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International Health

Health Systems Program

Date: Sep 2017

The African Bioethics Consortium* has released a toolkit to aid in evaluating the operational needs of Research Ethics Committees (RECs). The tool, called the Research Ethics Committee Assessment Toolkit, or RECAT, was created to facilitate efficient, high quality ethics review of research protocols in any setting.

The RECAT can be used by RECs—also known as Institutional Review Boards (IRBs)—to identify:

  1. Baseline operational conditions of a REC
  2. Areas for the development of targeted interventions to improve REC functioning 
  3. Change in REC quality and efficiency over time across multiple domains

The evaluation process combines data gathered through various methods, including interviews, focus groups, document review, and direct observation. This mixed methods approach allows the assessment to capture both written policies and procedures of the REC as well as actual day-to-day practices. It incorporates perspectives from multiple key stakeholders including: institutional leadership, REC chairpersons, REC administrators, REC members, and researchers who submit applications to the REC. Data collection checklists and templates, section-by-section instructions, and sample reports are included in the toolkit.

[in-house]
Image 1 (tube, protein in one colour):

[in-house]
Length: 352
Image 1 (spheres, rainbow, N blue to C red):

The RECAT also provides a detailed reporting template, and sample report, to help evaluators organize the collected information around core areas and identify the resources needed to address committee needs.  

The toolkit is published open-access and can be used free of charge for non-commercial purposes. The developers would appreciate feedback on users’ experiences with the RECAT in order to make improvements.  Feedback can be sent via email to jali@jhu.edu.

*The African Bioethics Consortium’s members include the Johns Hopkins University-Fogarty African Bioethics Training Program, the University of Zambia School of Medicine, the University of Botswana Office of Research & Development, and the Makerere University College of Health Sciences. 

Dr. Henry Perry, senior scientist in the Health Systems Program, and his colleagues recently published a major new series of articles published in the Journal of Global Health on the evidence of the effectiveness of community-based primary health care (CBPHC). The new series, published in July 2017, is a comprehensive review that describes all of the findings that assess the effectiveness of CBPHC in defined geographic populations for maternal, neonatal and child health (MNCH).

The comprehensive review is 10 years in the making and is comprised of 700 documents, going as far back as 1950. Community-based primary health care has been growing slowly in importance over the last 50 years, and while rigorous evidence of its effectiveness has increased substantially in recent years, international organizations have been slow to invest in capacity-building for successful CBPHC programs.